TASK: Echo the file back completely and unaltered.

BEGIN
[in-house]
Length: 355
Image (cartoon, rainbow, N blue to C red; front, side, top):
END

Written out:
[in-house]
Length: 355
Image (cartoon, rainbow, N blue to C red; front, side, top):